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Undergraduate research highlighted at symposium

December 09, 2019 / by / 0 Comment

Five student groups presented their research at the Undergraduate Learning Community and Research Symposium Friday. “It’s very clear to me that what used to be done at the graduate level is now being done at the undergraduate level and with significant excellence,” said GCU President Brian Mueller. Those interesting findings cover everything from heart rates to something called Ugly Gerry.

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GCU’s female STEM leaders paving the way

December 02, 2019 / by / 0 Comment

The National Science Foundation’s Science & Engineering Indicators (2018) relayed that women in 2015 received fewer bachelor’s degrees than men in the computer sciences (18%), engineering (20%), physical sciences (39%) and mathematics (43%). Those are statistics female STEM leaders at GCU are determined to change. The College of Science, Engineering and Technology touts an astounding number of women in STEM, including two female associate deans — Dr. Heather Monthie in technology and Dr. Janet Brelin-Fornari in Engineering — along with faculty leads such as Deborah Haralson in IT and Samantha Russell in electrical engineering, to name just a few. “We’re doing a good job here. … We’re doing something different here,” Monthie said of the number of women CSET faculty who are helming STEM disciplines still under-represented by women.

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Thunderbots earn award at robotics tournament

November 25, 2019 / by / 0 Comment

GCU News Bureau The GCU Robotics team, the Thunderbots, competed earlier this month in the VEX U Fall Tournament, a preliminary/practice competition, at Embry-Riddle Aeronautical University in Prescott. The team earned the Judges Award, given to a team the judges felt should be recognized for its efforts and outstanding character. “I am extremely pleased with their performance as a team. We have a large number of freshmen on the team this year that haven’t experienced a collegiate-level competition. I think that everyone learned from this experience, and we are well prepared to redesign our robots for the spring competition,” said Ed Koeneman, team advisor and an electrical engineering technology instructor in the College of Science, Engineering and Technology. GCU Robotics has had a busy semester, not only in preparing for the practice competition, but in hosting the Girl Powered STEM workshop for fourth through eighth grade girls. The next competition for the 19-member Thunderbots is Feb. 22 at Embry-Riddle.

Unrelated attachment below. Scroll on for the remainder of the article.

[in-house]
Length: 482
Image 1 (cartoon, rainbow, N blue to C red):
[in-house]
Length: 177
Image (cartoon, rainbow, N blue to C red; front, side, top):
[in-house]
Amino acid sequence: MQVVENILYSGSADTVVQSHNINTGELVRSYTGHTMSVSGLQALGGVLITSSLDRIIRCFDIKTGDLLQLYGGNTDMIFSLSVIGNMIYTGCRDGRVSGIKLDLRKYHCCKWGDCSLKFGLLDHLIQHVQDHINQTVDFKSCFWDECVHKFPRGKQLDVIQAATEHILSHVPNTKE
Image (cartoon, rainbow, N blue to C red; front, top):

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California high school filled with GCU connections

November 15, 2019 / by / 0 Comment

University development manager Sarah Wade is a GCU graduate and is working on her doctorate. Her daughter went to GCU and now teaches at a Southern California high school that has several other GCU connections. “I feel like I can’t go anywhere without somebody knowing somebody who is on campus at GCU,” Wade said.

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Provost speaker: Hit ‘enter’ on a cybersecurity career

November 14, 2019 / by / 0 Comment

National Cybersecurity Career Awareness Week is designed to introduce students to careers in the field. One event GCU students could attend this week was a Provost Speaker Series talk on Wednesday by GCE’s Chief Information Security Officer Mike Manrod. He spoke about what students could really expect from a career in cybersecurity. “He is what students want to be. They want to be Mike,” said Technology Project Manager Katherine Urrutia. “We thought it would be great for him to come in and talk to our students.”